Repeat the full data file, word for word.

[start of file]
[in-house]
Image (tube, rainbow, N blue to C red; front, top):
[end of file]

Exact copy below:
[in-house]
Image (tube, rainbow, N blue to C red; front, top):